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Twinning Program Cooperative Agreement

  • Program Name:International Twinning Center
  • Activity Code:U97
  • Application Available:8/27/2013
  • Application Deadline:10/15/2013
  • Created By:Chiliade, Philippe
  • Created On:5/7/2013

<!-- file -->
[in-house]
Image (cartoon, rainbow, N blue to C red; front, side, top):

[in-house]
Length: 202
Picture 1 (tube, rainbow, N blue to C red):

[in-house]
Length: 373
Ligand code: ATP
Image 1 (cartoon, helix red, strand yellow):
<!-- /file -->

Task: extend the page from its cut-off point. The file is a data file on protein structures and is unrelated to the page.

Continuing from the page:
• Last Updated by:User, Administrator
  • Last Updated On:1/30/2015
  • Estimated Project Start Date:4/1/2014

 Details of the changes posted in this announcement

Not Available

 Announcement Information

Announcement Number HRSA-14-029
Announcement Code HRSA-14-029
CFDA Number 93.266
Provisional No
Activity Code U97
Competitive Yes
Fiscal Year 2014